Temple 16 – Kailasa – at Ellora is still like my favorite building in the world because it is an architectural inversion – twice the size of the Parthenon carved out of the living rock from the top down. Epic.
The other one that figuratively blew me away (and that is not all the figures got up to) were the “sex” temples of Khajuraho, a wonderful unity of art and architecture at a time when physical and spiritual enlightenment were more interchangeable than even today. These are kind of out of the way but really worth the visit.
Oh, and in 2008, I got to visit Ahmedabad, which just became India’s first city to be inscribed as World Heritage! I was there during Uttarayan and loved it.
Manek Chowk, Ahmedabad, 2008.
The city is known for its pols, neighborhoods of cheek-by-jowl buildings with occasional courtyards, a fire inspector’s nightmare but a haven for community formation.
Utturayan the kite-flying festival, 2008.
Siti Saiyad Jali, Ahmedabad – the carved latticework tree is a symbol of the city.
I have barely traveled in England in recent years, but I did see Edinburgh and Durham in 1987, and Felicity and I visited Ironbridge Gorge in 1994.
Edinburgh Old Town – wow look at that car! I was there for Fringe Festival
Ironbridge – the town on the Severn – birthplace of the Industrial Revolution
We went back after Felicity was born and stumbled across some more World Heritage sites, including the industrial town of Saltaire and the ruins of Fountains Abbey, both in Yorkshire.
Saltaire – by Sir Titus Salt
Fountains Abbey – the cloister (note man and baby)
We traveled to Mexico again in 1992 and managed both the center of Mexico City and Teotihuacan, which I would rank among the greatest archaeological sites in the world.
Cathedral, Mexico City
This is part of the excavation of the Templo Mayor under the Zocalo 25 years ago. They recently found a circular temple and part of a ball court in this area – it was in the news this week!
Temple of the Sun, Teotihuacan
Tlaloc and Quetzal, Teotihuacan
The next year we were in Italy, home to more World Heritage sites than anywhere else (China will pass them soon) and of course we saw Rome and Florence but I think my favorite site was Hadrian’s Villa, hard by another site, Villa d’Este. Hadrian’s Villa inspired my investigation into historic site interpretation, largely because it had the most obtuse architectural signage I had ever seen – in four languages. But it is also an architectural historian’s dream because Hadrian was basically building a museum of architecture from throughout the empire.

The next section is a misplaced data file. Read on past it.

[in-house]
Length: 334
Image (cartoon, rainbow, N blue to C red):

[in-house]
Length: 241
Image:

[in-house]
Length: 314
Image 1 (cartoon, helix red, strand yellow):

Square fluted columns, arranged in a square
Now that is a bedroom…
I forgot about the body shaming. Traumatic.
Fountain at Villa d’Este
We went to Ireland a bunch in the late 90s and early 00s, but like the U.S. their World Heritage sites tended to be archaeological, like the famed 5000-year old passage tomb at Newgrange.
In 2010 a visit to the Netherlands allowed a first visit to Utrecht and a 20th century modern architectural World Heritage site by Gerrit Rietveld.
In 2013 I spent Easter in Tripoli and saw Sabratha the next day, which was fantastic.
From Phoenician to Greek to Roman to Byzantine to Arab
More infrastructure – Sabratha
In 2012 I got to work in a World Heritage site, the Cercado in the center of Lima, which you can learn about in this blog. Most of Peru’s heritage sites are cities like Lima and Cusco and Trujillo.
Typical Lima balcones
Typical Cusco Inka stone walls
And of course there is the most popular World Heritage Site in South America in Peru. This little town, built and occupied for only 80 years, but commanding one of the most stunning sites in the world. ANYTHING would look awesome in this place.
Machu Picchu – as if you didn’t know.
Infrastructure – the terraces that made it possible – I wrote a blog in 2012 about the infrastructure at Angkor and Machu Picchu – you can see it here.
walls and windows, Machu Picchu
more to come…